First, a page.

Skip to main content

Historical documents

79 Heydon to Burton

Cablegram Austdel 237 PARIS, 17 November 1948


On 16th November discussions were completed on the position which
will result when the External Relations Act is repealed by
Parliament in Dublin.

At first the United Kingdom view was that this would immediately
result in Eire being legally a foreign country to the United
Kingdom, Australia, Canada, New Zealand and other members of the
British Commonwealth and in acute difficulties in all treaties of
trade, commerce or navigation under which foreign countries are
entitled to the benefit of the M.F.N. clause. The consequence of
this would possibly be claims by Denmark or the Argentine that
they were entitled to precisely the same treatment as Eire.

The view taken by Dr, Evatt for Australia, Mr. Fraser for New
Zealand and Mr. Pearson for Canada was that Eire although not
being strictly a member of the British Commonwealth should not be
treated as a foreign country by the members of the British
Commonwealth providing a proper declaration was made on behalf of
the Eire Government.

Dr. Evatt drafted a formula by which the Eire Government would
publicly state its view that after the repeal of the External
Relations Act it would not regard members of the Commonwealth as
foreign countries. The declaration would indicate further the
important fact that in Eire nationals or citizens of the United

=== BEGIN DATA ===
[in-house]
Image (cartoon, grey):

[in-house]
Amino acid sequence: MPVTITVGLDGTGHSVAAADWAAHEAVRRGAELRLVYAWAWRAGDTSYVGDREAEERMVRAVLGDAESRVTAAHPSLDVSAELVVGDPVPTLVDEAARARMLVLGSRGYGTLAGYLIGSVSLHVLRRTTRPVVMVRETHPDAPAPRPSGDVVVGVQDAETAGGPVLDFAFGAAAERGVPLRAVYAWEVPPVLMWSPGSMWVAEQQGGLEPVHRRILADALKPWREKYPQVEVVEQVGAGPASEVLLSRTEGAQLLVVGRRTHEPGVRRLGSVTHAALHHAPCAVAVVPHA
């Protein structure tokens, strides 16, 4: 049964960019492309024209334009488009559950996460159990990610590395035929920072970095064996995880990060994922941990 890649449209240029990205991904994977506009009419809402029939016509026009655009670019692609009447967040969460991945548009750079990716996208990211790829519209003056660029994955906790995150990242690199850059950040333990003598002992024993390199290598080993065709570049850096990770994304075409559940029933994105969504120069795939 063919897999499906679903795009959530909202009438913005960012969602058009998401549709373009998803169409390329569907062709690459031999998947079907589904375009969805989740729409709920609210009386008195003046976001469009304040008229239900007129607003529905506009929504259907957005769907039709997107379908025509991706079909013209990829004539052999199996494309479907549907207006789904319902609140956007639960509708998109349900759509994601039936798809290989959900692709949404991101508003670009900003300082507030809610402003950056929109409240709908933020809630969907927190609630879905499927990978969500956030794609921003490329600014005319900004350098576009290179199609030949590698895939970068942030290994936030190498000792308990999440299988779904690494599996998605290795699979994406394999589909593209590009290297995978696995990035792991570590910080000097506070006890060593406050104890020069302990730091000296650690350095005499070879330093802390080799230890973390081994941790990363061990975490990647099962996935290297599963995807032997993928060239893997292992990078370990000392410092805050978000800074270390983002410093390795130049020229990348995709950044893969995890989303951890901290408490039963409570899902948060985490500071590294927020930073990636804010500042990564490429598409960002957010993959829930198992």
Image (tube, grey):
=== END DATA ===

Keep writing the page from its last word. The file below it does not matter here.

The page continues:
Kingdom, Australia, New Zealand and Canada were being treated as
though they were Irish citizens just as Irish citizens in
Commonwealth countries were accorded the rights and privileges of
appropriate nationality or citizenship. Moreover, Eire
representatives expressed willingness to amend the nationality act
in order that the strict law might be brought into conformity with
the practice.

The proposed declaration by the Eire Government would also state
that these rights of nationality or citizenship would be
sufficient not only to negative the theory that the various
countries were foreign to each other but would positively evidence
the existence of a closer association which it is the strong
desire of Eire not only to maintain but to strengthen.

In the end, after discussion, this basic declaration drafted by
the Minister was accepted by the United Kingdom Ministers and all
Dominions and the meeting ended in a spirit of cordiality and

This is in great contrast to the position on Friday last when the
United Kingdom intended to issue a public ultimatum to Eire which
would not only have failed to prevent repeal but would have
embittered relations for a long period.

The Minister also expressed the view that there was no reason why
nationality and citizenship rights should not ultimately be made a
qualification for Eire's fun reentry into the British Commonwealth
and this view found strong support although the Eire
Representatives naturally spoke guardedly about it.

The Minister feels, of course, that it is very unsatisfactory that
Eire is making any change in the law at all but that decisions
having been taken it is best to mitigate the consequences and for
Britain to have declared Eire a foreign country would have caused
endless repercussions.

[AA: A1838/2, 1521/1]
Last Updated: 11 September 2013
Back to top